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J Thromb Haemost. 2018 Nov;16(11):2258-2269. doi: 10.1111/jth.14277. Epub 2018 Sep 27.

Protease-activated receptor-1 impedes prostate and intestinal tumor progression in mice.

Author information

1
Cancer and Blood Diseases Institute, Cincinnati Children's Hospital Medical Center, University of Cincinnati College of Medicine, Cincinnati, OH, USA.
2
Department of Pathology, Cincinnati Children's Hospital Medical Center, University of Cincinnati College of Medicine, Cincinnati, OH, USA.
3
Department of Molecular and Experimental Medicine (MEM-180), Scripps Research Institute, La Jolla, CA, USA.
4
Division of Gastroenterology, Cincinnati Children's Hospital Medical Center, University of Cincinnati College of Medicine, Cincinnati, OH, USA.

Abstract

Essentials Protease activated receptor-1 (PAR-1) has been proposed to drive cancer progression. Surprisingly, PAR-1 deletion accelerated tumor progression in two distinct experimental settings. PAR-1 deletion was shown to limit the apoptosis of transformed epithelial cells. Thrombin- and activated protein C-mediated PAR-1 activation have unique effects on tumor cell biology. SUMMARY: Background Multiple studies have implicated protease-activated receptor-1 (PAR-1), a G-protein-coupled receptor activated by proteolytic cleavage of its N-terminus, as one target coupling thrombin-mediated proteolysis to tumor progression. Objective To analyze the role of PAR-1 in the setting of two distinct spontaneously developing tumor models in mice. Methods We interbred PAR-1-deficient mice with Transgenic Adenocarcinoma of the Mouse Prostate (TRAMP) mice, which spontaneously develop prostate tumors, and adenomatous polyposis coli Min (APCM in/+ ) mice, which spontaneously develop intestinal adenomas. Results Analyses of TRAMP mice with advanced disease (30 weeks) revealed that PAR-1 deficiency resulted in significantly larger and more aggressive prostate tumors. Prostates collected at an earlier time point (12 weeks of age) revealed that PAR-1 promotes apoptosis in transformed epithelia. In vitro analyses of TRAMP-derived cells revealed that activated protein C-mediated PAR-1 cleavage can induce tumor cell apoptosis, suggesting that tumor cell-intrinsic PAR-1 functions can limit tumor progression. Paralleling results in TRAMP mice, PAR-1-deficient APCM in/+ mice developed three-fold more adenomas than PAR-1-expressing mice, and the adenomas that formed were significantly larger. Moreover, loss of PAR-1 expression was shown to limit apoptosis in transformed intestinal epithelial cells. Conclusions Together, these results demonstrate a previously unrecognized role for PAR-1 in impeding tumor progression in vivo. These results also offer a cautionary note suggesting that long-term PAR-1 inhibition could increase malignancy risk in some contexts.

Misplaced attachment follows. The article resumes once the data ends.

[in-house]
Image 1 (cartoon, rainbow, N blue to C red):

KEYWORDS:

apoptosis; blood coagulation; colonic neoplasms; prostatic neoplasms; protease-activated; receptors

PMID:
30152921
PMCID:
PMC6214773
[Available on 2019-11-01]
DOI:
10.1111/jth.14277

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